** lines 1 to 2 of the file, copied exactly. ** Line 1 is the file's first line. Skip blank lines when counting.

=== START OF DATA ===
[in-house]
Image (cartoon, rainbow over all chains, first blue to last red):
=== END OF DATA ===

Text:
[in-house]
Image (cartoon, rainbow over all chains, first blue to last red):